Uncalibrated Visual Servoing
M. Jägersand, O. Fuentes, R. Nelson, "Experimental Evaluation of Uncalibrated Visual Servoing for Precision Manipulation," Proc. IEEE Int. Conf. Robot. Automat., Apr. 20-25, 1997, pp. 2874-2880. [BibTeX]
A.-M. Farahmand, A. Shademan, M. Jägersand, "Global visual-motor estimation for uncalibrated visual servoing," Proc. IEEE/RSJ Int. Conf. Intell. Robots Syst., Oct. 2007, pp. 1969-1974. [BibTeX]
A.-M. Farahmand, A. Shademan, M. Jägersand, C. Szepesvari, "Model-based and model-free reinforcement learning for visual servoing," Proc. IEEE Int. Conf. Robot. Automat., May 12-17, 2009, pp. 2917-2924. [BibTeX]
A. Shademan, A.-M. Farahmand, M. Jägersand, "Towards Learning Robotic Reaching and Pointing: An Uncalibrated Visual Servoing Approach," Proc. Canadian Conf. Comput. Robot Vis. (CRV '09), May 24-27, 2009, pp. 229-236. [BibTeX]
A. Shademan, A.-M. Farahmand, M. Jägersand, "Robust Jacobian Estimation for Model-Free Uncalibrated Visual Servoing," in preparation. [BibTeX]
Visual Servoing (VS) is the nonlinear closed-loop control process that regulates some visual alignment error to zero in real-time. The nonlinearities are due to the projective geometry of the camera and the rigid-body kinematics and dynamics of the serial-link manipulator. The visual alignment error may either be expressed in the image space and used directly, which is commonly known as Image-Based Visual Servoing (IBVS), or the visual error may be used indirectly to infer a 3D task space error after some 3D scene reconstruction or pose tracking, which is commonly known as Position-Based Visual Servoing (PBVS). The PBVS approach usually requires 3D geometric model of an object, which is a limiting factor when visual servoing is to be performed in uncontrolled environment outlets. The IBVS approach does not require such knowledge, however, the depth of the object with respect to the camera appears in the control law. This depth may be estimated, but some knowledge of the intrinsic and extrinsic camera parameters would be required.
An attractive class of image-based visual servos, which does not need any a priori information is called uncalibrated visual servoing (Jagersand et al. 1997). The uncalibrated approach is a strong candidate to acquire flexibility in unstructured environments. At the University of Alberta, we investigate projective-geometric and learning methods to improve the performance of of uncalibrated visual servoing systems.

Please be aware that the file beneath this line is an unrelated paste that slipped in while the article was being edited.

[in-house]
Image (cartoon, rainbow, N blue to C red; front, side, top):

Without knowledge of the visual-motor model, the fully uncalibrated IBVS servo can be implemented by numerically estimating or updating the Jacobian from the visual-motor data.
Secant Update Method (Broyden Update) for Jacobian Estimation: The early work in uncalibrated visual servoing is based on Broyden's Jacobian update rule. (Jagersand et al. 1997)
Least Squares-Based Jacobian Estimation: Least-squares based method can be used efficiently to estimate the visual-motor Jacobian. We have used an efficient local least-squares-based method that provides an estimate of the visual-motor Jacobian at the vicinity of any previously observed point by looking at the global visual-motor space. This method is general and estimates the Jacobian of any point in the workspace directly from raw visual-motor data in a close neighborhood the point under consideration (Farahmand et al. 2007).
Robust M-estimation of Visual-Motor Jacobian: The assumption that the visual-motor data belongs to the visual-motor model being fit may not hold when operating in unstructured environments. Outliers to the visual-motor model may deteriorate the Jacobian hyperplane, which either makes the system unstable or drive the arm toward a local minima. In this paper, we consider a new approach to estimate the uncalibrated (model-free) visual-motor Jacobian based on the theory of robust M-estimation. In this work, a statistically robust estimator is used to reject the outliers due to different visual tracking errors (Shademan et al. 2009).
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